Francis Poulenc, Composer - Polina Leschenko, MainArtist - Patricia Kopatchinskaja, MainArtist

2017 Alpha Classics / Outhere Music France 2017 Alpha Classics / Outhere Music France

3
Violin Sonata, FP 119: III. Presto tragico. Strictement la double plus lent
Patricia Kopatchinskaja
00:05:16

Francis Poulenc, Composer - Polina Leschenko, MainArtist - Patricia Kopatchinskaja, MainArtist

2017 Alpha Classics / Outhere Music France 2017 Alpha Classics / Outhere Music France

4
Coppélia: Waltz (Arr. for Piano by Ernst von Dohnányi)
Polina Leschenko
00:04:57

Léo Delibes, Composer - Polina Leschenko, MainArtist

2017 Alpha Classics / Outhere Music France 2017 Alpha Classics / Outhere Music France

5
Violin Sonata No. 2, Sz. 76: I. Molto moderato
Patricia Kopatchinskaja
00:08:40

Bela Bartok, Composer - Polina Leschenko, MainArtist - Patricia Kopatchinskaja, MainArtist

2017 Alpha Classics / Outhere Music France 2017 Alpha Classics / Outhere Music France

6
Violin Sonata No. 2, Sz. 76: II. Allegretto
Patricia Kopatchinskaja
00:11:49

Bela Bartok, Composer - Polina Leschenko, MainArtist - Patricia Kopatchinskaja, MainArtist

2017 Alpha Classics / Outhere Music France 2017 Alpha Classics / Outhere Music France

7
Tzigane, M. 76
Patricia Kopatchinskaja
00:10:09

Maurice Ravel, Composer - Polina Leschenko, MainArtist - Patricia Kopatchinskaja, MainArtist

2017 Alpha Classics / Outhere Music France 2017 Alpha Classics / Outhere Music France

Album Description

The least that one could say about the art of Moldavian violinist Patricia Kopatchinskaja is that one cannot be left indifferent by it - so completely does she set herself apart from her "smoother", more mainstream peers. One only needs to hear her explosive reading of Ravel's Tzigane, where she is particularly daring: the result is extravagant, but in reality, it is wholly in keeping with the spirit of this score, which too many violinists play prissily: after listening to this, you'll not want to hear it played any other way. Kopatchinskaja murmurs, rages, dreams, swoons, surges, explodes, caresses, grips, undulates, chirrups and slaps through the ten minutes of this humorous, provocative, bravura performance. Doubtless the serious Bartók wouldn't have relished Ravel's pseudo-Hungarian allusions - not understanding that the French composer was simply lampooning the Viennese pseudo-Hungarian-Tzigane style - going by his Second Sonata for Violin and Piano, which is both dogmatically Magyar and Bartókian, a rather gruff piece all in all. Much less gruff is the sumptuous Sonata by Poulenc, written in 1943 in a tone which is sometimes tragic - even if the facetious Poulenc undertakes his own personal Resistance by working into each of his three movements a quotation from Tea for Two, a song forbidden under the Occupation. Pianist Polia Leschenko offers the violinist a breather with the short but efficient waltz  Coppelia by Dohnanyi, a little Franco-Hungarian wink, a prelude to the big wink Tzigane, which crowns the album. © SM/Qobuz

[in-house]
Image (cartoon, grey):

About the album

Distinctions:

Improve this page

Qobuz logo Why buy on Qobuz...